Go to vintage stores, check out sales, or go with the do-it-yourself for cheap option. This guarantees you won’t drain your bank account, can still enjoy putting together fun outfits, and will be way more at ease when some asshole spills beer all over you because Bassnectar just “made his face melt.”
It is undeniable that festivals have reached a greater popularity, and have grown in recent years. I attended the sold out Bonnaroo last year, which had over 85,000 attendees. I kid you not, it seemed that every upper middle class kid between the ages of 18 and 25 descended upon this wasteland of a field in the middle of nowhere Tennessee. If you’re planning on attending this festival, which has, in my opinion, one of the best lineups of the summer, take heed: It will be hot, it will be humid, and the grounds will be dusty in a way that evokes the dust bowl. The crowds will make you feel like chattel whenever you try to go from one major area of the festival grounds to another. All in all, you’ll see great music, but be prepared to get filthy and take part in a reenactment of the Bataan Death March (too soon?). Does this sound like something you’d want to do in this $282.00 maxi dress?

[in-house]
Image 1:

In the end, if your clothes and shoes aren’t borderline destroyed by the end of a festival, you probably didn’t have enough fun. With all of the money you save shopping smart, you can hit more festivals and have fun not worrying about your clothing. Go scour some vintage stores, use your creativity, and most importantly, enjoy the music.
By Kristina Headrick